Chicory late in the season
A late-blooming Chicory

The yellow centers of the Calico Asters (Symphyotrichum lateriflorum), featured last week,  are changing  to rose as they age.

Calico asters in rose
The yellow centers of Calico Asters are changing to their rose color as they age.

And now for those Oaks!

We live, of course, in Oakland Township within Oakland County, so I figure I should learn more about oaks, right?

A couple of weeks ago, I posted a photo of a Bur Oak (Quercus macrocarpa) near Gunn Road and decided I should try to learn more about different kinds of oaks.  I’m studying the bark so I can discern them in the winter, but for now, here are 3 leaf types from 3 different kinds of oaks, in case you’d like to put a name to the trees you see.  (I always think that a name makes me notice more!)

So here is the leaf of a White Oak (Quercus alba).  Notice that the lobes are rounded and the sinuses (spaces between the lobes) are quite noticeable, the lower ones on this leaf reaching about halfway to the center vein. The acorn in this photo may or may not be a White Oak acorn; though it was under the tree, squirrels could have carried it there from Black Oaks nearby. This tree was on the path that winds upward to the park from the Township Hall – a very precious, undisturbed  Oak-Hickory forest.

White oak leaf and acorn
A White Oak leaf with rounded lobes.  The acorn may be from a Red Oak nearby rather than the White Oak.

White Oaks grow tall in a forest to reach the light and grow much wider and shorter in the open sun of a field.  These beautiful trees with light gray bark can live 200-300 years and according to Wikipedia, one specimen has been documented at 450 years.  Imagine the stories they could tell about life in Oakland Township!

The leaves on a Black Oak (Quercus velutina) have pointed lobes tipped with bristles, like other members of the Red Oak group, rather than the rounded ones of the White Oak group.  They prefer sandy soils and are a smaller relative of the much larger Red Oak which has a similar leaf  but with more lobes and a less shiny surface.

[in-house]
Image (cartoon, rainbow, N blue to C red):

Red Oak leaf
The lobes of the Black Oak’s leaf are pointed with small bristles at the end of each point.

Down at the pond near Gunn Road, I found a sprouting threesome of Swamp White Oak (Quercus bicolor) leaves, probably the result of an acorn being cached by a squirrel in some previous year.  It has rounded lobes as part of the White Oak group, like the Bur Oak,  but the Swamp Oak’s lobes are shallow and the leaves get broader beyond the middle.

Swamp Oak leaf
Swamp White Oak leaf has rounded lobes as part of the White Oak family but the lobes are shallow and the leave widens at the mid-point.

So that’s a start on Oaks, though there’s so much more to know!

If you are available, come with us to the bird walk next Wednesday, October 7,  at 8:00 a.m. at Bear Creek.  If the weather is right, you may see some lovely little migrants resting and eating before heading south!  It’s the season for taking deep breaths of cool air, listening to the last rustle of wind through the leaves before they begin to fall and enjoying the bright white light of the sun as its arc lowers and shortens a bit each day.  Each daylight hour in nature becomes more precious now, so try to make the most of them!

*Footnote:  My sources for information, as well as Oakland Township Stewardship Manager Dr. Ben VanderWeide, are as follows: Ritland, D. B., & Brower, L. P. (1991). The viceroy butterfly is not a Batesian mimic; Stokes Nature Guides:  A Guide to Bird Behavior Volumes 1-3, Allaboutbirds.org, the website of the Cornell Ornithology Lab at Cornell University; Wikipedia; http://www.butterfliesandmoths.org; Herbarium of the University of Michigan at michiganflora.net.; various Michigan Field Guides by Stan Tekiela; Butterflies of Michigan Field Guide by Jaret C. Daniels; University of Wisconsin's Bug Lady at www4.uwm.edu/fieldstation/naturalhistory/bugoftheweek/ for beetle info http://www.migrationresearch.org/mbo/id/rbgr.html for migration info, and invaluable wildflower identification from local expert, Maryann Whitman.